Monday, 22 August 2011

Does early oral vocabulary predict literacy competence?


Oral vocabulary has been found to play a direct role in reading and to predict later reading comprehension competence

Studies have shown that children who are less skilled in oral language at age 3 years and older have been found to be at a disadvantage in acquiring speaking, listening, and reading skills during formal schooling. In fact, many studies have shown that oral language and reading abilities are closely related.  Joanne Lee  takes this a step further and investigates the relationship between oral language ability at the earlier age of 2 and literacy development up to age 11 using a large longitudinal data set of typically developing children from the NICHD Study of Early Child Care and Youth Development (SECCYD).

The study, carried out in the USA, calculated the vocabulary size of 1,071 children (549 boys, 522 girls) aged 2, based on a checklist used to assess the receptive and productive vocabularies of children between ages 16 and 30 months and also between 30 and 37 months. The primary purpose of the study was to test whether early words measured at age 2 would significantly and uniquely predict subsequent language and reading skills of typically developing children. Three measures of early vocabulary were used to test which was the better predictor for later language and literacy development, (1) total vocabulary size (2) total number of verbs and (3) the proportion of verbs as function of total words.  The children were put into large or small vocabulary groups if they fell in the top or bottom one-third of the list respectively. This was done for each predictor so that there were two distinct categories of children (those with large vocabularies and those with small vocabularies) for each predictor. The scores were then compared to sixteen language and literacy measures taken for the children at various stages between the ages of 3 and 11. These consisted of such things as verbal comprehension, expressive language, picture vocabulary and different aspects of literacy such as decoding skills, word recognition and reading comprehension.

After controlling for individual differences in terms of socio-economic group, gender, birth order (whether the child was first-born, second-born etc. in a family) and ethnicity, the findings of this study show that early expressive vocabulary can significantly predict language and literacy outcomes such as letter identification, phonological awareness, vocabulary and reading comprehension over the span of 9 years. The best predictor was the total vocabulary size followed by the total number of verbs which was also a good predictor. The proportion of verbs as a function of total words did not turn out to be a good predictor. Thus, children with a larger vocabulary size (or even total verb size) at age 2 continued to be on an advanced language and literacy development trajectory than their peers with a smaller vocabulary size.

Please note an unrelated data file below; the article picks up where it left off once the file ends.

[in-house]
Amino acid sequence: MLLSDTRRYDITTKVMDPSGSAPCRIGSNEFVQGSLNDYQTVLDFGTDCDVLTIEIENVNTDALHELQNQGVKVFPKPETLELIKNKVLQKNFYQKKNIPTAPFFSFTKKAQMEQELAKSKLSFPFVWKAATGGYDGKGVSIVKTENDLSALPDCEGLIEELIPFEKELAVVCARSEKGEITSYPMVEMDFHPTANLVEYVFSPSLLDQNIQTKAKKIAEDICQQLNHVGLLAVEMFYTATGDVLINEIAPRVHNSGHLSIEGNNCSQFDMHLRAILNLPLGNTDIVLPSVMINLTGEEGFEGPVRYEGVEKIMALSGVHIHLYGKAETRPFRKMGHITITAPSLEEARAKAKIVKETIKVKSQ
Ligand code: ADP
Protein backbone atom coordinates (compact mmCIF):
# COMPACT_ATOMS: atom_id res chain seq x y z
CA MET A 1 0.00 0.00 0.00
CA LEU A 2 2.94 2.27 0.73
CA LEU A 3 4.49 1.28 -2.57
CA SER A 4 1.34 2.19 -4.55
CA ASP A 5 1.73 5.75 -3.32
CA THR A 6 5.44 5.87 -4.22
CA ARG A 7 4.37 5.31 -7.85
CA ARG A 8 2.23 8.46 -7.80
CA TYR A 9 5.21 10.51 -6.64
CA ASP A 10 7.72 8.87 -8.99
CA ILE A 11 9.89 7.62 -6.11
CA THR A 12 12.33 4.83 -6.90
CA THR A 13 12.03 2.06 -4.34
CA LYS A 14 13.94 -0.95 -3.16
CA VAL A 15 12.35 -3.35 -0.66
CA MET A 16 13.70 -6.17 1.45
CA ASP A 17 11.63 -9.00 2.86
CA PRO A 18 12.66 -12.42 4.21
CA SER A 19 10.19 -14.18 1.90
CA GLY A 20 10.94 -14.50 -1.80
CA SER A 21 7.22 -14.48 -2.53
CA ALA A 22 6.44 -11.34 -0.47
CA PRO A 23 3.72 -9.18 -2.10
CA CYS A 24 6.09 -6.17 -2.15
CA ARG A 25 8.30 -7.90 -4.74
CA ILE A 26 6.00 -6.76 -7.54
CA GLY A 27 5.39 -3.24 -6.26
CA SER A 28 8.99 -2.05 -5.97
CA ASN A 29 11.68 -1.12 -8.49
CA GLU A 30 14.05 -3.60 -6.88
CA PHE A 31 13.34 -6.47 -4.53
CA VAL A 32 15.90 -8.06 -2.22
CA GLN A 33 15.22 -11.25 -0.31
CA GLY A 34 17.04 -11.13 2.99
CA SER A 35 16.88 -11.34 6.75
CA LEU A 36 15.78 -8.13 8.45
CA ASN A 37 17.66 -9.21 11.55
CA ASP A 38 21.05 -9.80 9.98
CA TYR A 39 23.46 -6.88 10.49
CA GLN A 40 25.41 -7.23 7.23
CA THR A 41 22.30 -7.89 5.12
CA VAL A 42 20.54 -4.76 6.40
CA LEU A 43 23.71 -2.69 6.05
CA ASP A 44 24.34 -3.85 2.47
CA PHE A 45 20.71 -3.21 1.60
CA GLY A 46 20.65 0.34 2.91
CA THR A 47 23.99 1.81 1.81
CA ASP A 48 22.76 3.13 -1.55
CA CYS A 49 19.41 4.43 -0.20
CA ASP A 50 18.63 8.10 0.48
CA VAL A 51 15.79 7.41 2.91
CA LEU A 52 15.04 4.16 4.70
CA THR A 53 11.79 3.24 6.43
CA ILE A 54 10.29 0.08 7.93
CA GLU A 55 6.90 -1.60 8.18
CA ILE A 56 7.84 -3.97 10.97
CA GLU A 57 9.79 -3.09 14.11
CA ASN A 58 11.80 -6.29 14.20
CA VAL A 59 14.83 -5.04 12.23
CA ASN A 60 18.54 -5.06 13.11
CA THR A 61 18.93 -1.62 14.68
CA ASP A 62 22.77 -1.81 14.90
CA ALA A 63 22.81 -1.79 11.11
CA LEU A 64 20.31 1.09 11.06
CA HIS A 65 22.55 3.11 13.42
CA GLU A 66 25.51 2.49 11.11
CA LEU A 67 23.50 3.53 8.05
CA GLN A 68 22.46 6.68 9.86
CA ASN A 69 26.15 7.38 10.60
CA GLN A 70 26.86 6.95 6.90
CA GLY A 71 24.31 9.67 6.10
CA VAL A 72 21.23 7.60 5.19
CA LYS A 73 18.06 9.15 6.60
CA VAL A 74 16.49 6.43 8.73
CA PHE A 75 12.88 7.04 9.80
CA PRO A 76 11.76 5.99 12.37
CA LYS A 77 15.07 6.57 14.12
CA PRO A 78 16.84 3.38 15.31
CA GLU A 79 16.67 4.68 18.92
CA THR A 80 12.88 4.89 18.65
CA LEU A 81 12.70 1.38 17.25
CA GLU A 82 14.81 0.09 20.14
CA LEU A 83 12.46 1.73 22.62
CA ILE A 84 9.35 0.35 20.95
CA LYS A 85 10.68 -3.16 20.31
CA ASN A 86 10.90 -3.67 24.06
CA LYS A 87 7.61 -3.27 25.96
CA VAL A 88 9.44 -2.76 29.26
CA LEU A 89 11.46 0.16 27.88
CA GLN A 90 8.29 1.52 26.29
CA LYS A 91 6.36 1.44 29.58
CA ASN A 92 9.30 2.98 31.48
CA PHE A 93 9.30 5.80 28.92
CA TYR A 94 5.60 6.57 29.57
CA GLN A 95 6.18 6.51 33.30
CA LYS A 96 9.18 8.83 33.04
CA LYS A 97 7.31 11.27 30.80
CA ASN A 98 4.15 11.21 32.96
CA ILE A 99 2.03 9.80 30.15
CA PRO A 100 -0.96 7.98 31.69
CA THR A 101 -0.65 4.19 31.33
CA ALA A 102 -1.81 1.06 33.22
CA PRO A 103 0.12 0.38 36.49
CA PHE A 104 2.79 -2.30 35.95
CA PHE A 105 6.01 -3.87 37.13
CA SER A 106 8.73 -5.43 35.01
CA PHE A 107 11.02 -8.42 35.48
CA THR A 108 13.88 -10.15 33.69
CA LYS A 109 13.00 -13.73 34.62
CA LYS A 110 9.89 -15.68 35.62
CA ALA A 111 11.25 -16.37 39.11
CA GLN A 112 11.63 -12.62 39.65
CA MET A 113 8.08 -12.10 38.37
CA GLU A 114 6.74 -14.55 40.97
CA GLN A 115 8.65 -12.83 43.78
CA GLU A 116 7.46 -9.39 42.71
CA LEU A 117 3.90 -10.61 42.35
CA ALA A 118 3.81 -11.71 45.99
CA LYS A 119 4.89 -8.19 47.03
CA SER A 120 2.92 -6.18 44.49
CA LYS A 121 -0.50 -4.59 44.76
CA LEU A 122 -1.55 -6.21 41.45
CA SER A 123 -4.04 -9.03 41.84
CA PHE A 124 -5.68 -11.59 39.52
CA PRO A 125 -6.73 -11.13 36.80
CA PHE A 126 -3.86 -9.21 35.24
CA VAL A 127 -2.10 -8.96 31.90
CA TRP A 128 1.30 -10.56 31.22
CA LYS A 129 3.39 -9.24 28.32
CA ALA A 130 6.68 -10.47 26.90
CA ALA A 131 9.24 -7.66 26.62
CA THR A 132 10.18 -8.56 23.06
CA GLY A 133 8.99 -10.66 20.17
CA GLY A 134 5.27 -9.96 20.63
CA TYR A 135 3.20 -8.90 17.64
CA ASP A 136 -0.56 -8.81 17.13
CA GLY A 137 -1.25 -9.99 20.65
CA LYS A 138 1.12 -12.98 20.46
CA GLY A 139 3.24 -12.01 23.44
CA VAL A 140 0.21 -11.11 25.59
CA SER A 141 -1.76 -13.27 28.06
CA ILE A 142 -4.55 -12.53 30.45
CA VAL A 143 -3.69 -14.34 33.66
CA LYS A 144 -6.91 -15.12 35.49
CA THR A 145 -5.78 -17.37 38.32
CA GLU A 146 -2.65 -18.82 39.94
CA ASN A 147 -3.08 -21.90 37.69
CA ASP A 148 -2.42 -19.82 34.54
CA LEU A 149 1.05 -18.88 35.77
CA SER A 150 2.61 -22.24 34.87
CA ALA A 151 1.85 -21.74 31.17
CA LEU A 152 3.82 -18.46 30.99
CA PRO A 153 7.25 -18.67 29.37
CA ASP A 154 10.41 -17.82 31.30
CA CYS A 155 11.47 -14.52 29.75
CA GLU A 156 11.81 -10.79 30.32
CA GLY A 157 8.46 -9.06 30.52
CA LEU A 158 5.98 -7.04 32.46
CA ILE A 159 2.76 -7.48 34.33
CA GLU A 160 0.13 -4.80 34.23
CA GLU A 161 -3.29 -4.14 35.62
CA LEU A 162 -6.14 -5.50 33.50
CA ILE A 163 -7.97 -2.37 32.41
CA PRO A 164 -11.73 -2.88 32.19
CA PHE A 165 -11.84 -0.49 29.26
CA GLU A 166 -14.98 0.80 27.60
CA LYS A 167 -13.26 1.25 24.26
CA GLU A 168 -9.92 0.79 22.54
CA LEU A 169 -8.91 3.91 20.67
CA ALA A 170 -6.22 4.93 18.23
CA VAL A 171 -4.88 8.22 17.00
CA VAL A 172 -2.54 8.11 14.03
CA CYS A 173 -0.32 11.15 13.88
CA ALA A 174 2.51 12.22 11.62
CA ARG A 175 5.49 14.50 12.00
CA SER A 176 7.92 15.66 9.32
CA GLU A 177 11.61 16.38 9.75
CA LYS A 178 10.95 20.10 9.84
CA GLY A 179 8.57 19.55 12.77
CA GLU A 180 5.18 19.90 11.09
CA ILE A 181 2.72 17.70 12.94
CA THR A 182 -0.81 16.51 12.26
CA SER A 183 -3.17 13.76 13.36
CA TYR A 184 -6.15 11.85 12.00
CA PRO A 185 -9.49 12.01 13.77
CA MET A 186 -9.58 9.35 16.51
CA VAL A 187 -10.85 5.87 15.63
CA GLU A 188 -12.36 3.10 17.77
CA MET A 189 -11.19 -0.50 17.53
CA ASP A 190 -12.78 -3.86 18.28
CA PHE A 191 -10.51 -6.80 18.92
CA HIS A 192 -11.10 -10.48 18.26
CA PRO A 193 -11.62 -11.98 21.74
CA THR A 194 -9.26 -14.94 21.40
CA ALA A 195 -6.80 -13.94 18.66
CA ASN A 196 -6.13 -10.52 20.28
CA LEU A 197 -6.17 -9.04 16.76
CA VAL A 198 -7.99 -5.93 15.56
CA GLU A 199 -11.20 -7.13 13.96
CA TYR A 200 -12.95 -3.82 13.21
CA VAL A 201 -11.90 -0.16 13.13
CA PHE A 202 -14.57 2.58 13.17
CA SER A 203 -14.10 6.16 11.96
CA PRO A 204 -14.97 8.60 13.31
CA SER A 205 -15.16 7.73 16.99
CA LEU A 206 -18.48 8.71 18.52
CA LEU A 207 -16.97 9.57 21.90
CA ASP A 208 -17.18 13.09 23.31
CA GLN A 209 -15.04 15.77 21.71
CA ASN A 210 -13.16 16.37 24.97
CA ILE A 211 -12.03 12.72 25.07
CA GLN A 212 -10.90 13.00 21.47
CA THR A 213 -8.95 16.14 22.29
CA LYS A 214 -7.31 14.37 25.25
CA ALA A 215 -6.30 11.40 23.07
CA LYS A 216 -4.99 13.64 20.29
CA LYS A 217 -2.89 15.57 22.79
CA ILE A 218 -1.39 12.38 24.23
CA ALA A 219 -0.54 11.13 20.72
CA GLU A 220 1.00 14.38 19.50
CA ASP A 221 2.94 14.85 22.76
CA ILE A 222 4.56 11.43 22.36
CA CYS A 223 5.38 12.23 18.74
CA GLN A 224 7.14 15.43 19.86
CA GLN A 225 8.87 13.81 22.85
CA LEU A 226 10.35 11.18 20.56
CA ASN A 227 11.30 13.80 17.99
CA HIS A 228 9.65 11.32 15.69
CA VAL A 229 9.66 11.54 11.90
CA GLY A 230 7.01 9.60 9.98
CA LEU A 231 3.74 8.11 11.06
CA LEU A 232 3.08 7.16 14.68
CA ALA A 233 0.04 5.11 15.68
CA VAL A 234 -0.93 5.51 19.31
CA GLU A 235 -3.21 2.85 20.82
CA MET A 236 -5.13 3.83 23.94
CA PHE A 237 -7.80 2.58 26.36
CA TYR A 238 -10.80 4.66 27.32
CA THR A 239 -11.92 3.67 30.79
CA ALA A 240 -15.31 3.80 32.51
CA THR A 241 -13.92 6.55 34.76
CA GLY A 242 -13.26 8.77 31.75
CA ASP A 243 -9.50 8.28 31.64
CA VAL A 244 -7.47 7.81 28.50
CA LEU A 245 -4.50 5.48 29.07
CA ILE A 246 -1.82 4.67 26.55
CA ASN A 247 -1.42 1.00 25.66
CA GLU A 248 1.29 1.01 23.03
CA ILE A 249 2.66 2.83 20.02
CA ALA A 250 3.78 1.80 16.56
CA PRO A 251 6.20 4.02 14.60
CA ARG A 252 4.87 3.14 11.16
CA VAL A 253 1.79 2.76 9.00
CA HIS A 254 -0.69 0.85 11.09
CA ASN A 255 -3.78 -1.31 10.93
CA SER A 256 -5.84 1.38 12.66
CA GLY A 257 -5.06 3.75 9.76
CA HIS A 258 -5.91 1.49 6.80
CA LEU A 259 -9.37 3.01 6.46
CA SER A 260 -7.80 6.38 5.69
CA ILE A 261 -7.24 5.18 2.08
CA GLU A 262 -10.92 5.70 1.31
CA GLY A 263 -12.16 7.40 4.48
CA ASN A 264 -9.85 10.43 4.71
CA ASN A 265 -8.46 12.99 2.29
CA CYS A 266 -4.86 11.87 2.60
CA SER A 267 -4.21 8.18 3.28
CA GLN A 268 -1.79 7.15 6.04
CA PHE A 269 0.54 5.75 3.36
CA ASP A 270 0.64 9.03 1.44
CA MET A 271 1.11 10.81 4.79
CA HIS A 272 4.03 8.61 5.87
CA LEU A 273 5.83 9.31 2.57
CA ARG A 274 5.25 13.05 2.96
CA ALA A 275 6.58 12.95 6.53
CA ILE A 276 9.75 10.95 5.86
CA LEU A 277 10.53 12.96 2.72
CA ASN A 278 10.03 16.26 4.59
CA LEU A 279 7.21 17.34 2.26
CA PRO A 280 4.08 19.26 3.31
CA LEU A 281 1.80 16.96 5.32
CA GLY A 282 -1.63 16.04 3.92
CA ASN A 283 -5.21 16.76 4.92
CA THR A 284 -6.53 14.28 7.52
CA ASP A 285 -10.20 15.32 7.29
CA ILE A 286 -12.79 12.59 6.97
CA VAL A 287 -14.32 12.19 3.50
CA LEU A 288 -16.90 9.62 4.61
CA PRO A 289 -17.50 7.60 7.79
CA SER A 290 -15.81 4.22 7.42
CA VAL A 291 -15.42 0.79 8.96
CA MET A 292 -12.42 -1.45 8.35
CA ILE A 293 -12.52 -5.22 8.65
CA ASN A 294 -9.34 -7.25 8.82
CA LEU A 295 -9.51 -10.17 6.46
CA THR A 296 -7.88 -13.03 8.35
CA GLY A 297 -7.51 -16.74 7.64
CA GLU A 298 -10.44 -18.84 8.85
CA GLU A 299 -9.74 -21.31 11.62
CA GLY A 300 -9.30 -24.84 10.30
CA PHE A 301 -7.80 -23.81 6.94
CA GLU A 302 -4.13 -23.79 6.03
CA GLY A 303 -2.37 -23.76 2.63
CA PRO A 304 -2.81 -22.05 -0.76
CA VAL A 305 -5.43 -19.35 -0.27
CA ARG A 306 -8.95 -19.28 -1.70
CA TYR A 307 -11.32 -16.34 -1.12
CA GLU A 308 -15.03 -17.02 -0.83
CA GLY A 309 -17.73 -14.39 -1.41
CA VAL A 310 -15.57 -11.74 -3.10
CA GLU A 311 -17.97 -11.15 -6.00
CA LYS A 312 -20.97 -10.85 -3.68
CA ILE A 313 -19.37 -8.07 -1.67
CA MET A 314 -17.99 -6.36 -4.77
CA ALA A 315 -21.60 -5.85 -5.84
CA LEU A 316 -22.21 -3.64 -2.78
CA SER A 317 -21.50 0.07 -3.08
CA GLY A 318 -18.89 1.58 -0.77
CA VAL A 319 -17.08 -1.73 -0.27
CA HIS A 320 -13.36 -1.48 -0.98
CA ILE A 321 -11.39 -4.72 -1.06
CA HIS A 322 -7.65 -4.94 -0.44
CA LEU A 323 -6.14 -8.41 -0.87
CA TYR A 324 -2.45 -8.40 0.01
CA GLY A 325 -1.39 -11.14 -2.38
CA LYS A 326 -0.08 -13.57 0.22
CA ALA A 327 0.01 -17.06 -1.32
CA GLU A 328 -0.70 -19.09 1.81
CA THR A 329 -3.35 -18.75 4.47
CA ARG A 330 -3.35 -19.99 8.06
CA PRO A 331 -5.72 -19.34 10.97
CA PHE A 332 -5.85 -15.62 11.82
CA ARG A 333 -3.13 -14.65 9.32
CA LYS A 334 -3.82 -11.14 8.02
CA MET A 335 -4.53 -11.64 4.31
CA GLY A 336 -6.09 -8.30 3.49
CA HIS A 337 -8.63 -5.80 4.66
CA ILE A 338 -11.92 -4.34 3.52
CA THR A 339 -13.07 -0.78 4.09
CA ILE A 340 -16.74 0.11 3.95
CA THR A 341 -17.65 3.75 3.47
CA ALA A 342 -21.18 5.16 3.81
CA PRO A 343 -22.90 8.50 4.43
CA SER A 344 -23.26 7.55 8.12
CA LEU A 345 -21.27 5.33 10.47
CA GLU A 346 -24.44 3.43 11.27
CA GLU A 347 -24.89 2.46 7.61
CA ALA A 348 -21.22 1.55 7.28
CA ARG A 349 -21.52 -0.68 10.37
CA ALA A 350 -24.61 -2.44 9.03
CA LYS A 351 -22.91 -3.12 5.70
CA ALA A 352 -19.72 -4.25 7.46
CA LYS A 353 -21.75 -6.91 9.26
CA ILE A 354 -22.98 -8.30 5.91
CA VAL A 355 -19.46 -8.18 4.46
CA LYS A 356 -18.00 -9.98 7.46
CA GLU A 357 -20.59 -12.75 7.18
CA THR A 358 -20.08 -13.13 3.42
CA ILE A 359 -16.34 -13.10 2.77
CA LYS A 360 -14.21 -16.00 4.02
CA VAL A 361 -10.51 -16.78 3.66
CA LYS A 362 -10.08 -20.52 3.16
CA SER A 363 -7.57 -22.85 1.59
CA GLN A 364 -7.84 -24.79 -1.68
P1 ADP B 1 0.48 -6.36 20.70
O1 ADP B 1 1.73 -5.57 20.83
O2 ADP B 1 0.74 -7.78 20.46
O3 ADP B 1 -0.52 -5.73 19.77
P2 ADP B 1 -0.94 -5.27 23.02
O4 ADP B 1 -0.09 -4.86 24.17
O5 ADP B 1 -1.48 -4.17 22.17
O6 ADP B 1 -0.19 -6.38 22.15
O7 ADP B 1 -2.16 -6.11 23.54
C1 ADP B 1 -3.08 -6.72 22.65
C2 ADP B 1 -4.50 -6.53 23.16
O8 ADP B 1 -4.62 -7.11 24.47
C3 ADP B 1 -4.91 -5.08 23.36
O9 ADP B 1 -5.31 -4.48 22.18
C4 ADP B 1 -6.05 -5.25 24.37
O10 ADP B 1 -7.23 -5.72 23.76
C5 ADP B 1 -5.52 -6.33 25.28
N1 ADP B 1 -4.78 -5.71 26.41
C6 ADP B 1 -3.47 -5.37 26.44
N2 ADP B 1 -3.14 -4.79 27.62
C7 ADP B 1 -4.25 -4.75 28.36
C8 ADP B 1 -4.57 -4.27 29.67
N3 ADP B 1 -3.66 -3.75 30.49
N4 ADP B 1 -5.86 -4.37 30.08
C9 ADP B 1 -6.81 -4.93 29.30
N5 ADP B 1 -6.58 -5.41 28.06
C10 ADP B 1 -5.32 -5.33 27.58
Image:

One limitation of this study, acknowledged by the researcher, is that although early expressive vocabulary appears to predict subsequent language and literacy competence, the analysis does not explore the causal relationship between the two. Furthermore, measures of lexical composition other than the number of verbs produced, such as mean length of utterance or grammatical markers, could also be used to see whether these are better predictors of subsequent language and literacy than total vocabulary size.

However, despite these limitations, the results indicate that there is a continuum between early oral development and literacy development and the work underscores the importance of starting work on literacy development with children as young as two years old. The researcher concludes by urging parents, caregivers and early educators to provide a language-rich environment for children in the earliest years in order to lay a solid foundation for their language and literacy outcome later in life.
Lee. J. (2011). Size matters: Early vocabulary as a predictor of language and literacy competence. Applied Psycholinguistics 32: 69–92. doi:10.1017/S0142716410000299

This summary was written by Sue Fox

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